UDI Final Rule
The FDA released their final rule for UDI on September 20, 2013. Most medical devices will require a UDI or Universal Device Identifier. The UDI will have many benefits such as improved product information and faster product identification for problems or recalls. The UDI is a unique code made up of two parts. The DI is the device identifier which is mandatory and identifies the labeler and specific version or model. The PI is the product identifier which is a conditional part of the code identifying items such as lot number, serial number, expiration date, manufacture date, etc.
Compliance and Exemptions
There are different compliance dates depending on which category your device falls into. High risk devices must comply first and then they phase through lower risk categories. Class III devices must comply with the new rule within a year of final passing, implantable devices that are life-sustaining or life-supporting that are not Class III devices must comply within two years, Class II devices must comply within three years, and Class I devices must comply within five years.
There are several exceptions to the compliance rules. “ Section 801.30(a)(1) of the final rule provides an exception for a “finished device manufactured and labeled prior to the compliance date that applies” to the device, but this exception “expires with regard to a particular device 3 years after the compliance date that applies” to the device.” If a device is not yet completed or has not been labeled the exception will not apply.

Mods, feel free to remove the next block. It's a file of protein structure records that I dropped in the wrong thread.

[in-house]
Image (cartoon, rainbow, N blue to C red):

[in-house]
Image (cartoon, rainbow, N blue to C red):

Requirements for a UDI
The UDI must be issued by an accredited agency. The FDA does not indicate which type of AIDC technology you must use and will accept identifiers that are part of the ISO 15459 series of standards. Manufacturers must then submit the device data to the FDA Global UDI Database (GUDID) and update data such as the manufacturer and contact information, a version number of the device, etc. when necessary. The data will be made available to the public so that users of a medical device can access information about their device.
Accredited Issuing Agencies
The FDA is in the process of approving accredited issuing agencies. The FDA states, “We believe the UDI system will be best served if qualified private organizations that have relevant experience operate the day-to-day technical aspects of the UDI system. In addition, we have removed the provision that would have allowed a State agency to serve as an issuing agency. Although FDA may act as an issuing agency if it is necessary or appropriate for us to do so.” The FDA will announce decisions on issuing agencies as they become available.
Things to consider
Here is a brief look at what to consider now that the FDA has finalized the UDI rule.
- Ascertain which of your devices require a UDI and which ones will have to comply first.
- Be aware of all of your compliance deadlines and exemptions.
- Choose a standard. The FDA will accept identifiers that are part of the ISO 15459 series of standards.
- Determine if your label must be placed directly on the product or onto the packaging.
- Check your current packaging/product and evaluate how it may need to change to adapt to the requirements of the UDI.
- Assess how the UDI will affect your manufacturing and/or packaging procedures.
For a general overview of the UDI rule and compliance dates: http://www.fda.gov/MedicalDevices/DeviceRegulationandGuidance/UniqueDeviceIdentification/default.htm#agencies
To read the information on the FDA’s final UDI rule: https://www.federalregister.gov/articles/2013/09/24/2013-23059/unique-device-identification-system